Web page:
Film Offshore wind: Employment and Training
SERENE MUSIC PLAYS
THE SERENE MUSIC TRANSITIONS INTO EXCITING MUSIC
PETER GEERTSE: Offshore wind not only creates a great many jobs, it also provides a wide range of employment opportunities.
We see how wind farms are constructed and think that's where the jobs are, but an entire industry exists in connection with those farms.
In reality, this is a new, dynamic industry that is growing much more rapidly than the other segments and with which, in the past decade, we have been able to establish quite a reputation for ourselves in the Netherlands and abroad.
With companies such as Van Oord and Boskalis, the Netherlands leads the global market in offshore wind energy.
The whole country benefits from that.
And if we look at the jobs created by offshore wind nationwide, that's a very large number.
Yeah, if we are talking about this region, I'd estimate the industry accounts for direct employment somewhere between 1,000 and 1,200 full-time jobs.
But if we count the spin-offs, too – the additional jobs from indirect employment – that number is easily two or three times larger.
(A pontoon is dragged.)
Most of the direct employment is logistical in nature.
Making sure the parts that arrive here are assembled and loaded onto the ships.
So that includes crane drivers and aspects like that.
But we're also seeing an increase in the maintenance staff needed to maintain the wind farms that have been built off the coast of Zeeland – we have special training programmes for them.
(Images of people at work.)
Yes, other jobs include project leaders and technical preparation staff, but it's much broader than that.
The financing of the wind farms – yeah, it's actually quite broad.
(A man stands in the mud.)
If you want to attract offshore wind-related businesses to your port area, a port authority – and definitely a government body as well – will need to make sure that area has sufficient well-qualified people to hire.
That's why we also cooperate closely with higher professional and senior secondary vocational programmes that have introduced these training programmes, supported in part by government funding.
NOUT NAGTEGAAL: Engineers are in high demand.
Previously, all the turbine suppliers provided their own personnel.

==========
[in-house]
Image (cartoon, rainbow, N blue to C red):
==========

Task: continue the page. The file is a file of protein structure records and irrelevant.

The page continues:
Both offshore and onshore, the scale and the scope have become so large that a huge number of people, really, are needed for the technical trades within the wind industry.
We now offer a course in wind turbine maintenance.
This course ensures students who successfully complete the course have earned a recognised diploma in addition to the diploma obtained for the rest of the programme.
In other words, they study for the same amount of time and end up with two diplomas.
The remarkable thing, I think, is that it's a combination of the engineering disciplines: mechanical, electrical, hydraulic, and sensor.
This means all those professions are being brought together in one learning package and that naturally makes it extremely appealing to students.
I think students who have completed the minor, in addition to the basic programme, will have a really valuable CV.
(According to Nout Nagtegaal.)
Many students choose the wind energy sector because they want to work in a sustainable industry that is also contributing to their future.
In recent years, I've been tremendously surprised by how aware our new generation is, yes.
If you ask me, three things have set the tone for our start in Zeeland:
Education, entrepreneurs and government.
Speaking for those of us in Zeeland, I think we've established a really close-knit team to ensure the industry – and the necessary people – are ready to make it all happen here in Zeeland.
(A boy files a metal object.)
We are in contact with all the other vocational secondary schools, particularly those near the coast.
That partnership is called the KustCoalitie, or Coast Coalition.
We've agreed to digitise our materials and make them available to students throughout the Netherlands.
(A student rotates/turns/cranks something.)
I think here in the Netherlands, we have a unique product to offer in terms of knowledge and expertise in this area.
Not only in connection with education and training, but as a total package.
(An offshore wind farm. The Dutch crest, accompanied by: Ministry of Economic Affairs and Climate Policy. Text on screen: Offshore wind: Employment and Training. www.windopzee.nl.)
THE SERENE MUSIC PLAYS FOR A MOMENT LONGER AND THEN FADES OUT
Parts of offshore wind farms such as blades and foundation piles are located in the port of Vlissingen. They are impressively large. Large ships are needed to bring these parts to the wind farm zone at sea. You don't just build a wind farm at sea. That requires technology and people. Peter Geertse of Havenbedrijf Seaports knows all about it.
At Scalda an mbo school, Nout Nagtegaal confirms the demand for well-trained technicians who can work in a wind farm. These students are sure to have a job in the wind energy sector after obtaining their diploma. They will be able to work anywhere in the world.